Continuing Sermon Series + People of the Old Testament
You’ve heard their names – Abram, Joseph, Moses, David. They were certainly luminaries during Old Testament times, central figures in the secular and religious life of the Children of Israel. But do you know how and why they are important to the New Testament + Christian Church?
We have already touched on the Study of Creation and Abraham, and continue in October to examine the lives of Joseph, Moses and the Shepherd Boy David, and the impact they have had on their times, and ours.
October 5 + Pentecost XVII Genesis 40:1-23 Romans 4:13-25 Mark 8: 14-21
The Sunday of Joseph Sermon: “Raised from the Pit” + Pastor on Genesis 40:1-4
Joseph looms larger than life in the narrative of the Old Testament, Sold into slavery by his jealous brothers, he rose to prominence and used his position not to exact revenge, but to save those he loved. As Pastor henry’s sermon title declares, Joseph was “Raised from the Pit,” based on Genesis 40: 1-4.
October 12 + Pentecost XVIII Exodus 6:1-13 Romans 5:1-11 Mark 6:7-13
The Sunday of Moses Sermon: “Let My People Go” + Pastor on Exodus 6:10-13
Perhaps no person in the Old Testament had a greater influence on generations that followed than Moses. He set the stage for the first Passover, called the Day of Salvation by Jews to this day. He led the Exodus, spoke with God, gave us the Tablets of the Law, and was the instrument to fulfilling God’s promises to Abraham, Isaac and Jacob. So precious was this servant that God Himself buried Moses when he died [Deuteronomy 34:5-8]. It all started with Moses’ pleading “Let my People Go.”
October 19 + Pentecost XIX I Samuel 17:1-58 Romans 6:12-23 Mark 3:31-35
The Sunday of Shepherd Boy David Sermon: “Ka-Plunk” + Pastor on I Samuel 17:45-46
Psalmist, musician, warrior, king, a man after God’s own heart [I Samuel 13:14] – all these describe David. Yet we first meet him, this giant in the Biblical narrative, as a shepherd boy slaying his own giant with a stone and slingshot. How easy evil is defeated when God is on your side. Join us this week as Pastor Henry delivers a sermon entitled “K-Plunk,” highlighting the life of David, and our own when in the care of the Almighty. The text for this week’s meditation is I Samuel 17:45-46.
Reformation Day [Observed] + October 26, 2014
On October 31, 1517, Dr Martin Luther posted on the door of the Castle Church in Wittenberg 95 statements for discussion. This act in itself was not unusual. The university professor had done so before, as had many others. The castle Church doors were the public bulletin board of this small, provincial German city. Even what was suggested for scholarly debate was not in itself remarkable. Real or perceived abuses within the Church had been discussed for decades, including Indulgences – those documents guaranteeing early release from Purgatory for the price of a few coins. What was remarkable was how this posting inflamed others towards reformation. Such clamor displayed, for the first time, the power of the Press.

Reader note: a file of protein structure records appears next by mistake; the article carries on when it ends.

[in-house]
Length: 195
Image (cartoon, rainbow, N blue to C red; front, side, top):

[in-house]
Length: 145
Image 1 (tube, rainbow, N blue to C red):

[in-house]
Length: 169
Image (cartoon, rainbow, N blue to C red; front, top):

Join us on Sunday, October 26, as we celebrate this event and the recognized start of the Lutheran Reformation.
October 26 + Pentecost XX Ecclesiastes 3:1-14 Romans 7:1-13 Mark 13:32-37
Feast of the Reformation [Observed] Sermon: "God Has Done It" + Pastor on Ecclesiastes 3:14-15
The headline read: God is Dead! The Church was predicted to go extinct within a decade or so; it was an irrelevant personality cult out of step with society. There is so much corruption within the Church that it will soon go the way of the Roman Empire and become non-existent by its own hands.
Sound familiar? Yet, these words are not lifted from the front page of the New York Times. Nor do they echo the sentiments of atheists and agnostics, of those dissatisfied with the Christian Church as we know it. These were headlines in Athens when Paul visited there, an analysis by Roman emperors up to the time of Constantine, and even the opinion of the radical reformers in Luther’s day. However, the Lutheran Reformation, which we commemorate this Sunday, sought to remind us that the Church was God’s doing and as such, if true to His Word, would last until Christ’s return.